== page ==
Purposive so that in Middle English

Reiko Ito (Tokiwa University, Japan)
The French influence on multiple negation in Middle English: A corpus-based study


Paper session 3: Middle Scots

Ragnhild Ljosland (University of the Highlands and Islands, UK)
The establishment of Middle Scots in the Orkney Islands

Keith Williamson (University of Edinburgh, UK)
Historical dialectological remarks on the Scottish legends on the Saints in Cambridge University Library, MS GG.II.6

Eva Zehentner (University of Vienna, Austria)
-And vs. -ing: An account of non-finite constructions in Middle Scots

Paper session 4: Middle English syntax: word order

Mª Francisca Buys Lerma (Open University, Málaga, Spain) & Concha Castillo (University of Málaga, Spain)
On the V2 type that disappears in ME

Ireneusz Kida (University of Silesia, Poland)
A corpus-based analysis of the dynamism of word order changes in the Middle English period

Theo Vennemann (University of Munich, Germany)
On the rise of VO and SV order in Middle English


Plenary session 2:

Terttu Nevalainen (University of Helsinki, Finland)
Sociolinguistic perspectives on variation in late Middle English

Friday, 3 May

Paper session 5: Middle English literary texts

Minako Nakayasu (Hamamatsu University School of Medicine, Japan)
Spatio-temporal systems in A Treatise on the Astrolabe

Matti Peikola (University of Turku, Finland)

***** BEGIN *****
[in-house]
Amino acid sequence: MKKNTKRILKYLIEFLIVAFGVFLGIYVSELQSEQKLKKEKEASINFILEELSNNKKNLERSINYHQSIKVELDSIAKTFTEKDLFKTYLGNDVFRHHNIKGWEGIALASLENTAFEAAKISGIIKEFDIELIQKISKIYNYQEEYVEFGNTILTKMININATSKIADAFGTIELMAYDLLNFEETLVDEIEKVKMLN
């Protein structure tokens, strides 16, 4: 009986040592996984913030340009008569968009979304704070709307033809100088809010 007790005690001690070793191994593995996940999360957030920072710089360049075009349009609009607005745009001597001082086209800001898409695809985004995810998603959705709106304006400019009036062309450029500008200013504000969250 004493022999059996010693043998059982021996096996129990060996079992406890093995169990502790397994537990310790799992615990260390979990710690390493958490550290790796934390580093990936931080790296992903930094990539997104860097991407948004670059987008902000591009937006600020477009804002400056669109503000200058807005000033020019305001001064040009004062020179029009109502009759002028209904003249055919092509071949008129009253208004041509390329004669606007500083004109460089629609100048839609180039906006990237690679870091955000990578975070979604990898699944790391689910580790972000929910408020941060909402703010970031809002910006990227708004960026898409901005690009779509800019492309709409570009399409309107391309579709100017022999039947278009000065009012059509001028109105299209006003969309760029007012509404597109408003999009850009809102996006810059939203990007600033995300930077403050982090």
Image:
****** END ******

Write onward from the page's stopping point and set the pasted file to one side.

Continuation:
Liturgical paratexts: Old Testament lectionaries in Middle English New Testaments

Liliana Sikorska (Adam Mickiewicz University, Poznan, Poland)
’Lordinges’, he seyd ‘what to red? / Me haþ ben don a gret misdeede’ or On pride and prejudice in The King of Tars

Kristin Lynn Cole (Penn State York University, USA)
Did William Langland write William of Palerne?: An exercise in forensic metrics

Paper session 6: Middle English morphology

Ryuichi Hotta (Chuo University, Tokyo, Japan)
The representativeness of the Laeme Corpus and word frequency in early Middle English with special reference to the lexical diffusion of -s pluralisation

Paulina Kolasińska (Adam Mickiewicz University, Poznan, Poland)
Late 11th and 12th century English morphology

Nicole Studer-Joho (University of Zurich, Switzerland)
3inc and gunker: On Middle English oblique forms of the second person dual pronoun with initial /j/

Takahiro Yamasaki (Chuo University, Japan)
The survival of /n/ in min(e) and þin(e) in the language of Hand I of the Auchinleck Manuscript


Plenary session 3:

Vincent Gillespie (Oxford University, UK)
Fatherless books: Authorship, attribution and orthodoxy in later Medieval England

Paper session 7: Middle English phonology and morphology